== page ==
Advertisement

April 23, 2014

Who Owns a LinkedIn Account? An Update to Eagle v. Edcomm, Inc.

In October 2012, we told you about the case of Eagle v. Edcomm, Inc. pertaining to whether an employee’s LinkedIn account belongs to the employee (Linda Eagle) or to her employer (Edcomm).  At that time, the United States District Court for the District of Pennsylvania dismissed Ms. Eagle’s claims under the Computer Fraud and Abuse Act, as well as her other federal law claims.  Her state law claims, for unauthorized use of name, invasion of privacy, misappropriation of publicity, among other claims, were not dismissed.  You can read more about that case here, or hear it discussed at this link.

On March 12, the court issued its ruling on all remaining claims, finding Edcomm liable on the three claims named above.  The court reached this conclusion after determining that Ms. Eagle’s name had commercial value – Ms. Eagle had invested substantial time and effort in developing her reputation in her industry, and it was undisputed that Ms. Eagle is a well-known expert in her chosen field.  Moreover, the Court found that Edcomm improperly benefitted from Ms. Eagle’s name when it took over her LinkedIn Account.  All other claims, including those against Edcomm and individual Edcomm employees, were dismissed.

Despite prevailing on three claims, Ms. Eagle’s victory was hollow; the Court found that Ms. Eagle suffered no economic loss as a result of Edcomm’s misconduct.  Stated differently, although Ms. Eagle was able to show that Edcomm misappropriated her name and used it without her consent, Edcomm’s actions did not cause any legally cognizable harm.  

Although Ms. Eagle ultimately did not benefit financially from her win, this case should serve as a wakeup call for employers.  Social media law is in its infancy but, as time goes on, more parties will litigate to test its boundaries.  As we have written before, employers must be proactive in developing social media policies that set clear rules regarding who owns company-related social media accounts during and after an employee’s time with the employer.

©1994-2014 Mintz, Levin, Cohn, Ferris, Glovsky and Popeo, P.C. All Rights Reserved.

About the Author

Christophe Difo, Employment litigation attorney, Mintz Levin, law firm
Associate

Christophe focuses on employment-related litigation as well as commercial litigation matters, ranging from simple breach of contract claims to complex, multiparty litigation.

Christophe served as a 2008 Summer Associate. Prior to joining Mintz Levin, he was a fellow in the Housing Help program at the Legal Aid Society of New York in the Bronx. The focus of this program was eviction prevention. Christophe had the same duties as a Legal Aid Society of New York staff attorney and was solely responsible for managing his caseload. He matched clients with programs, worked on motions...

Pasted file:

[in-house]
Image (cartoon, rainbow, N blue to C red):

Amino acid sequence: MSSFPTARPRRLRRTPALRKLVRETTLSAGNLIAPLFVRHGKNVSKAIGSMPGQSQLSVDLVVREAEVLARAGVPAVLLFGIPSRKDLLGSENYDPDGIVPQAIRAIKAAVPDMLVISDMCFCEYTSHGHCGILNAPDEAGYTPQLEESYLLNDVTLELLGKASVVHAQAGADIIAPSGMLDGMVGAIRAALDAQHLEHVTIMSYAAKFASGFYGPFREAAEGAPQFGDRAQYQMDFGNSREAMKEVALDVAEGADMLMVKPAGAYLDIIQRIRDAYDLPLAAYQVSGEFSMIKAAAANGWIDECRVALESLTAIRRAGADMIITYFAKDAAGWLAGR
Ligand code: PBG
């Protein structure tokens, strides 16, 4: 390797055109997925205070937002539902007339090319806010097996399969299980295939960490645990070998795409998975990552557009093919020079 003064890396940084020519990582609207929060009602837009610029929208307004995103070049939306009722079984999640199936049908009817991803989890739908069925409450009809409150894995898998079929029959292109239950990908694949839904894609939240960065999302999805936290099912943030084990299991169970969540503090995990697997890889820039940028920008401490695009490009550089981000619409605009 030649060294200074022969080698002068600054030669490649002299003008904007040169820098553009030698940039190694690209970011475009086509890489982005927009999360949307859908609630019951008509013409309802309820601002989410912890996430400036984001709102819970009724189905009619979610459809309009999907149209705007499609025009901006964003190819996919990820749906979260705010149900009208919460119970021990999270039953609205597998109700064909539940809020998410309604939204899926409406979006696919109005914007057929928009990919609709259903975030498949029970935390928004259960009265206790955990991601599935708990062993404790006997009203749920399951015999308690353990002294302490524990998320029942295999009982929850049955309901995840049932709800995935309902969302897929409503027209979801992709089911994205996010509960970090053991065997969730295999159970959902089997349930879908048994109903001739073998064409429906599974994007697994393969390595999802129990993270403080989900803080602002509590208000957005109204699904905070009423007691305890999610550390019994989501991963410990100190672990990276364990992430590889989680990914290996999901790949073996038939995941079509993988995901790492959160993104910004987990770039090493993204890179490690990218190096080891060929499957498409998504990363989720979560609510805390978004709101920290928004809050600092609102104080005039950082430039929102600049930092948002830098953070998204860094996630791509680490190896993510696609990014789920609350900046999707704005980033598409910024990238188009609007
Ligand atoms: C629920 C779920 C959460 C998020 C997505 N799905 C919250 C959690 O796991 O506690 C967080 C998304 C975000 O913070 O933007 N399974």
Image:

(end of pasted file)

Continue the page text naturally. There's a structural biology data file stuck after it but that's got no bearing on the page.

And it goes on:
212-692-6812

Boost: AJAX core statistics

Legal Disclaimer

You are responsible for reading, understanding and agreeing to the National Law Review's (NLR’s) and the National Law Forum LLC's  Terms of Use and Privacy Policy before using the National Law Review website. The National Law Review is a free to use, no-log in database of legal and business articles. The content and links on www.NatLawReview.com are intended for general information purposes only. Any legal analysis, legislative updates or other content and links should not be construed as legal or professional advice or a substitute for such advice. No attorney-client or confidential relationship is formed by the transmission of information between you and the National Law Review website or any of the law firms, attorneys or other professionals or organizations who include content on the National Law Review website. If you require legal or professional advice, kindly contact an attorney or other suitable professional advisor.  

Some states have laws and ethical rules regarding solicitation and advertisement practices by attorneys and/or other professionals. The National Law Review is not a law firm nor is www.NatLawReview.com  intended to be  a referral service for attorneys and/or other professionals. The NLR does not wish, nor does it intend, to solicit the business of anyone or to refer anyone to an attorney or other professional.  NLR does not answer legal questions nor will we refer you to an attorney or other professional if you request such information from us. 

Under certain state laws the following statements may be required on this website and we have included them in order to be in full compliance with these rules. The choice of a lawyer or other professional is an important decision and should not be based solely upon advertisements. Attorney Advertising Notice: Prior results do not guarantee a similar outcome. Statement in compliance with Texas Rules of Professional Conduct. Unless otherwise noted, attorneys are not certified by the Texas Board of Legal Specialization, nor can NLR attest to the accuracy of any notation of Legal Specialization or other Professional Credentials.

The National Law Review - National Law Forum LLC 4700 Gilbert Ave. Suite 47 #230 Western Springs, IL 60558  Telephone  (708) 357-3317 If you would ike to contact us via email please click here.